If the player attempts to go to the Sanctuary at this time, they find that it has also been invaded by the pools of darkness. Jasper is nowhere to be found, and the player is unable to switch weapons. This again alludes to the power of the darkness, in that it is able to invade the Hero’s private sanctuary, which is suggested to be associated with Old Kingdom magic and Heroic bloodlines. The darkness is able to corrupt the one safe place for the player (and is also powerful enough to interfere with the base game mechanics).
Another barrier is encountered, which is dispelled by Walter. In the next area, the Hero and Walter are assaulted by shadows similar to those found throughout the series, notably in the Shadow Court in Fable II. These shadows are assumed to be Darkness Incarnate, and come in waves that continually assault the pair. While they are fighting, there are whispers in a demonic voice that speak of darkness’s power and the inevitability of darkness. A combination of the shadows and the voice drives Walter into a panic. This is where Walter’s fear of darkness begins to rise to the surface of the plot - Walter is much more unsettled by the Darkness than the hero.
Once the small shadows are defeated, Walter is left shaken and looking for an escape. An unfortunate gust of wind blows out the torch the Hero and Walter (as well as the player) have been using as a lifeline, which throws Walter into a full panic as he attempts to desperately light the torch. The hopelessness and the psychology of the characters replicates the sense of desperate fear in the player - the player has so far been led to fear the disappearance of the light as much as the characters. The torch is re-lit, creating a brief moment of hope that is quickly shattered by the appearance of the real Darkness Incarnate. This prompts a panic attack in Walter who is wracked by despair, but the player’s innate fears are also played upon. Humans have an instinctual fear of darkness, and the concept of darkness made flesh is horrifying. Darkness incarnate represents the cold extinguishing of all energy, light, and heat - all things that humans rely upon.
The Hero and Walter are assaulted by shadows again, but this time the assault is much more psychological than physical. The whispers from the Darkness continue again, telling Walter and the Hero their greatest fears come true. these utterances include the fact that Theresa knew about the Darkness and has been using both Logan and the Hero for her own ends. This, as well as the other whispers of the Darkness, isolate both Walter and the Hero and draw them into internal torture. The player is also affected for many of the reasons mentioned previously, foremost of which are the sense of hopelessness and the lack of agency in addition to the general unsettling atmosphere. The music in this sequence is also significant. The song associated with this section (“Shadelight”) takes screeching strings and metallic sounds combined with an ominous chorus to create a distinct sense of fear and unease, while still retaining the subtlety of the art direction for the rest of the level design. The track also features a music box, a staple of the Fable series, and presents it in a slightly distorted sound that signals the player that they are meant to be afraid.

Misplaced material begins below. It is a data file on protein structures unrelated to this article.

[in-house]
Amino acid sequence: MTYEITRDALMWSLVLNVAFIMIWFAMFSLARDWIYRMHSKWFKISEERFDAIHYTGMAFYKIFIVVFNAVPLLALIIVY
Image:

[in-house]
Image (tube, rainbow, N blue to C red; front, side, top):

After the fight, the Darkness reappears, and Walter throws a torch at it, driving it back into the shadows. This creates a sense of hope in Walter, the Hero, and the Player: the Darkness had been established as an unstoppable force, and the concept that light can drive is back is comforting. But in the next room, despair resurfaces. Walter and the Hero are separated as Walter is evidently kidnapped by the Darkness. The Hero is forced to frantically search for their mentor, only to find that the worst has happened. Walter, who throughout the game has represented a father figure, full of strength and courage, has been broken down. His slow disintegration throughout the quest is finalized by his literal envelopment by the Darkness, the same inky, starry blackness mentioned earlier forcing him prostrate. The darkness seeps out through his eyes and mouth, showing the darkness’s permeation into his soul and the evaporation of his Strength and Will. This breaking of such a strong character is the climax of desperation for the Hero and serves to show the true strength of Darkness Incarnate.
Here the hero has to fight things that have occurred throughout the temple up to this point: statues that take the form of birds and angels. These statues have led to a sense of otherworldliness in the temple due to their religious imagery, but their corruption by the darkness further cements the power of the shadows. Creatures as pure as angels are driven to the darkness, which is indicative of the hopeless situation of the Hero. During this fight, it is unclear how the Hero will free Walter from the Darkness, as they are seemingly fighting just to buy time. The Darkness retreats, and the Hero manages to support Walter outside, but it seems that their freedom is just another way for the Darkness to play with them. Because of Walter’s blinding by the Darkness, the Hero is forced to abandon them on the steps of the temple. This reflects the first of the hero’s failures that is used against them later when the Darkness attacks Albion. Both the Hero and the Player are intended to feel a huge sense of remorse and loss at having to leave Walter, as it is implied that they are leaving Walter to die.
The Hero is left to wander aimlessly through the desert, aptly named the Shifting Sands, for they do not escape the influence of the Darkness just yet. The Darkness uses illusions to strike fear in the heart of the Hero and guilt them regarding their failures. This desert sequence is again full of hopelessness, but instead of making their way through a linear cave, the Hero is forced to walk through a seemingly endless desert without any sense of direction and no companionship. This loneliness reinforces the sense of guilt that the Hero and player have about leaving Walter to die. The illusions featured here are brief and fleeting, but include scenes from the hero’s memory and the prospect of being forced to fight Walter. These are shown using a color scheme of contrasting colors: the purple associated with the darkness and the complimentary color of the yellow-orange sand. Despite the generally pleasing visual combination of these colors, they are shown as washed out, creating a further sense of aimless discomfort.
The quest ends with the Hero passing out in the desert and being found hours later by Finn, but they are not saved by a society of light and healing: they are thrown into the tragedy-stricken city of Aurora, with Walter still unconscious from the effects of the Darkness and no foreseeable light on the horizon.